Fund news


18 December 2017

On December 8, Kyiv History Museum opened an ironic exhibition titled Marry Me!, which was organized by Zenko Gallery. Over 20 Ukrainian female artists participated in the project. Anastasia Loyko presented her work Space Dogs where video art is combined with pixel art: shadows are projected to “pixel” sculpture.

Anastasia Loiko Spase Dogs

The image refers to sculpture by Vladimir Gulich which appeared in Zaporizhya in 2008; both artists worked on that couple of kissing dogs five meters tall together. Now Anastasia Loyko presents an object produced in pixel art style – the images are compiled from “pixel” cubes, i.e., primary components and a basic model which can be used for assembling anything and everything.

Initially, pixel images were associated with CGI, but now they are a prevalent strain in global contemporary art. In Ukraine, few artists create such objects, but for Anastasia, this is not the first time she works in this genre. “At Biryuchiy symposium of contemporary art, I presented a panel picture on tiles, Dog Barked at the Dupe, against clueless development on the island,” she says. “Besides, there were works on glass, Trinity and Mirror, created there at Biryuchiy residence, plus pixel animations deriving from them, in lino print spirit. Now I am making a series of “pixel” sculptures and dream about getting into garden sculpture.”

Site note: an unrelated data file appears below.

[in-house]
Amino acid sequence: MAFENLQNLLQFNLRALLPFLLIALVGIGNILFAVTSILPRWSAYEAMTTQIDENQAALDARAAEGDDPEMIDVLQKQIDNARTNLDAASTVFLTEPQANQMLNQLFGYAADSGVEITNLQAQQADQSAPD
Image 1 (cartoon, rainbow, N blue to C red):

Marry me! fragment of the exposition 07

The video itself is based on Game of Life, a math game John Conway invented in 1970. Each new frame is connected to the previous one; the further disposition of empty and filled cells is dictated by their prior positioning. If there were three filled cells next to the empty one, it will become “alive” at the following step and will be filled with color; if there were fewer filled cells, it would stay dark. The filled cell will “die” if there were fewer than two or more than three “living” ones around it during the previous step – this death either by solitude or by overpopulation. A human can only set up the initial position (first generation); then the video will start living its own life.

You can see Anastasia Loyko’s work until January 8, 2018, at Marry Me! exhibition.